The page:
Steady on their feet

At right, Dr. Jane Painter, ECU professor and occupational therapist, checks Marjorie Everett’s vision during ECU's Fall Risk Assessment Clinic. (Photos by Cliff Hollis)


ECU team assesses older adults’ risk of falling

By Crystal Baity
ECU News Services

Marjorie Franck can line dance again, a goal she set during rehabilitation after five falls in one year and a hip replacement.

Her comeback began after she was evaluated by a health care team at East Carolina University’s Fall Risk Assessment Clinic in the Frances J. and Robert T. Monk Sr. Geriatric Center. A physical therapist, occupational therapist, pharmacist, social worker, nurse and physician evaluate patients 60 and older for their risk of falls – all during one appointment – and give personalized recommendations to avoid falls.

Falls are the leading cause of injury-related accidental death in older adults. The problem is multi-faceted and crosses many disciplines in the care of older patients. “Here at ECU, we can bring all those disciplines together,” said Dr. Kenneth Steinweg, chairman of family medicine at ECU who evaluates patients in the fall risk clinic.

Screening tests are done for medical conditions, medications, health habits, daily life skills, home safety hazards, vision, cognition, mood, balance, dizziness, foot sensation, leg strength, walking, shoes and walking aids.

“I feel the falls clinic is wonderful,” said Franck, 75, a retired tax preparer who lives in Greenville. “They gave me my life back. I feel like I’ve come a long way.”


Marjorie Everett completes a timed walking test with ECU assistant professor and physical therapist Dr. Leslie Allison.

Franck received a written summary of her evaluation and steps to prevent future falls. The clinic collaborates with patients’ primary care physicians, who receive a copy of the report. For three months, a social work intern calls once a week to see how each patient is doing and if they are having trouble implementing recommendations.

“I started with a walker, and in June I graduated to not using the walker,” Franck said. “The walker is packed up.”

On a recent weekday, she walked one mile, something she tries to do three to five times each week.

“When I was falling, I was either breaking something or getting stitches,” said Franck, pointing above her eye where she once received 16 stitches. One of those falls was down the back steps of her home. But she has followed the fall clinic’s recommendations for prevention.

“We put in a railing,” she said. “I always have one hand free, and I never, never, never go down the steps without one hand free.”

Statistics show that one-third of people 65 and older and nearly half of people 85 and older fall at least once a year. Without intervention, half of those will fall repeatedly. An estimated 15 percent to 20 percent of falls lead to injury, and 5 percent result in a hip fracture.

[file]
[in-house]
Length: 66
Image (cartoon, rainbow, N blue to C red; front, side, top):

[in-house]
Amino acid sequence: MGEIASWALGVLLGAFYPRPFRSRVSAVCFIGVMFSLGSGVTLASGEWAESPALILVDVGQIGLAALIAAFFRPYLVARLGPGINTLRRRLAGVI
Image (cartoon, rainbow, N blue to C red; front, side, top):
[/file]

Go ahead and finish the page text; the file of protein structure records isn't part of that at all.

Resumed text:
“Either you help yourself, or you sit yourself in a chair. I’m not ready to do that,” Franck said.

Neither is Marjorie Everett, a retired Pitt County public health nurse who visited the clinic for the first time Nov. 2. Her geriatrician referred her after falling four times in the past year.

She has already taken steps to reduce her risk of falls, including installing a railing at her door and replacing slippery rugs in her home. She said she has been impressed with the falls clinic and the range of specialists that worked together during her evaluation.

“I want to do what I need to do to stay vertical,” said Everett, 80. “If I can stay vertical, I’ve got it made.”

Falls are not a normal part of growing older, but certain chronic health conditions such as stroke or Parkinson’s disease combined with medication side effects can decrease balance and increase the risk of falls in older adults.

The team uses evidence-based medicine in making patient recommendations, said Jane Painter, professor of occupational therapy in the ECU College of Allied Health Sciences which partners with the Brody School of Medicine in offering the clinic each Wednesday afternoon.

A reduction in falls and fall risk can occur with proper diagnosis and education including behavior change, adoption and adherence to exercise and physical activity, home modifications and good judgment.

“We’re trying to identify fall risk early so that remediation can take place so future falls don’t occur,” Painter said.

Assessments also can help lessen fear of falling, a separate but related problem that can lead to isolation, depression and anxiety, decreased flexibility and a sedentary lifestyle. “Those with high anxiety tend to have a fear of falling whether they’ve fallen or not,” Painter said. “Then the person tends to sit, which makes them weak and more at risk for falling. It’s a vicious cycle.”

The fall clinic started three years ago with a grant from the Pitt Memorial Hospital Foundation. The assessment team includes Painter, Steinweg, physical therapist Leslie Allison, pharmacist Ann Marie Nye and social work intern Brittany Moore.


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